I like it. Because it’s funny, because it’s quirky, and because it has a tragic truth to it. While we all adhere to such happy horseshit like, “Life isn’t about avoiding the storm, it’s about learning to dance in the rain,” I rather enjoy the ornery observation that you’re more likely to get wet if you’re a nice person because people are crappy and steal your umbrella. But hanging adjacent to that framed gem is another.

My husband and I only had been married a year and a half before this, and every year we buy a piece of art to celebrate our anniversary. This particular year we were strapped for cash, with a new house, new job, and graduate school for me. So we just bought a small watercolor at Pike Place Market by a local artist that depicts a man and a woman walking against the rain with a rainbow umbrella protecting them. And that painting is better than the Bowen quote. Because THAT frame will always remind me I have someone to share an umbrella with in the storm.

Liz

Pluviophile (Look it up)

I am a native of the Pacific Northwest (PNW; in the U.S., this means Oregon,Washington, and Idaho), born in Portland, Oregon. People born here grow up breathing rain; it’s how we get our oxygen. Rain is as necessary and essential to life as air and sunshine, and we (Pacific Northwesterners) interact with it the same way – by going outside and walking in and through and with rain as we do with sunshine and air. I’m convinced non-native PNWers can never understand how native PNWers truly embrace rain. When other people express a distaste for rain, I always want to laugh and ask if they think they’re related to the Wicked Witch of the West.Native Oregonians may wear hats in the rain but we never carry umbrellas because umbrellas are for sissies.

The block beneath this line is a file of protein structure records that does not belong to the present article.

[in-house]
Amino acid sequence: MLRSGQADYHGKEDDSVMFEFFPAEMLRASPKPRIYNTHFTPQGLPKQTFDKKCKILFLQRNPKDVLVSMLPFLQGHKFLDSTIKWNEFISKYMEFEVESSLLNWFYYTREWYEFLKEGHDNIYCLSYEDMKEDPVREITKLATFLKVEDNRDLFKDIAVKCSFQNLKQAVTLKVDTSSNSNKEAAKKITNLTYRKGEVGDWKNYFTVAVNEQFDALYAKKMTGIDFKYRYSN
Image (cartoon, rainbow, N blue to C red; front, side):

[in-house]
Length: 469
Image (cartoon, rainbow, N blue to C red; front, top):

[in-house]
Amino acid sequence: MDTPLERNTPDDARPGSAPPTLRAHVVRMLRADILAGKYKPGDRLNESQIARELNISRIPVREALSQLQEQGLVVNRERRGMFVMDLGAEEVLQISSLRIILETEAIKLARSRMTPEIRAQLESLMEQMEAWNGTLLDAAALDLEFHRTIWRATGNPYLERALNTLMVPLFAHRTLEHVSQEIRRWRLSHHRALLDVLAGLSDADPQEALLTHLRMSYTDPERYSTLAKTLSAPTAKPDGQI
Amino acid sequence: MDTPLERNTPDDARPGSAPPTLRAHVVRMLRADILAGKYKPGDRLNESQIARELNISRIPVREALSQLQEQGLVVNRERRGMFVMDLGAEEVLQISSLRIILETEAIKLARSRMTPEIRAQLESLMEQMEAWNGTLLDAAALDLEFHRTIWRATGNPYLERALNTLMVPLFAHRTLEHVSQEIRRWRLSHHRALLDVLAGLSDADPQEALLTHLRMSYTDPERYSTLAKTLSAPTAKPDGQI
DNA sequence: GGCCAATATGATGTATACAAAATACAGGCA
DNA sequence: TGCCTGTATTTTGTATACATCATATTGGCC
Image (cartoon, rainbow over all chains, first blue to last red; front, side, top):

Jules

 

In Paris an American feller
Was glad he had brought his umbreller
He could dance in the rain
And sing love’s refrain
Only getting a little bit wetter

Sue

Umbrella. An on-the-spot writing assignment.

Umbrella. Protection. Class. The tall, thin woman in black on the Paris boulevard carries an umbrella as part of her ensemble. Parapluie, we learned from Mlle Dreyer as sophomores in high school. And God knows that woman may need it before she gets home. Out of the blue, one day in the Marais, the heavens opened and I mean really, the rain dropped as though hurled from heavy buckets somewhere in the ozone. Umbrella-less, we ran to a café, wrapped our cold hands around cappuccinos, watched rain fall in sheets off the outside awnings. The staccato of drench danced off the paving stones, puddling and pooling and finally flooding the streets, a river running downhill, sending people scurrying for cover into small doorways. Impressionist paintings of Paris before our very eyes.

In Seattle, proud of our Gortex culture, we eschew umbrellas. Just wrap up and go or you’d never leave home some parts of the year. California émigrés have the toughest time with Pacific Northwest winters—all that staring out of windows waiting for clear skies so they can go enjoy the evergreen.

Then there’s sub-Saharan Africa where they would kill to need an umbrella. Month after month, and now, horrible to relate, year after year, not enough rain to do more than sprinkle the dust around. Planting seasons go begging because the last one yielded neither grain nor seed for the next crop. Wizened faces, swollen bellies, a crisis of hunger with no end in sight—and not nearly enough charity in the world’s weary hearts to make a dent in it.

Mary Ann